Pinar de la Venta is a fraccionamiento (housing development) located eight kilometers west of Guadalajara and nestled in a mile-high forest wherein reside all sorts of creatures.
This was just what my wife and I wanted when we were house hunting many years ago: a home where we could commune with nature in rural Mexico, where we could fall asleep each night lulled by the chirping of crickets and a whole orchestra of frogs. So we made our home in Pinar de la Venta — ¡Ay qué bonito! Welcome to the woods!
So let’s begin with the bugs …
On our very first morning in Pinar, we wandered out of our bedroom only to discover the cadavers of several little yellow scorpions lying here and there on the floor. It did not take us long to figure out that it was we who had killed those scorpions — at night, mind you — while walking to the bathroom or going to the kitchen for a drink of water.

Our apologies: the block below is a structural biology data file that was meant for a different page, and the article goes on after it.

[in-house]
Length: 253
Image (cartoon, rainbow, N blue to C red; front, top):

So it was we discovered our first rule for survival in rural Mexico: never walk around in bare feet at night!
Over the following months I collected enough dead scorpions to fill a jar.
Another bug we had far too many of, at the beginning, was the earwig. Unlike scorpions, they posed no danger, but oh, how annoying it was to open a book and have an earwig fall out of it straight into your coffee cup!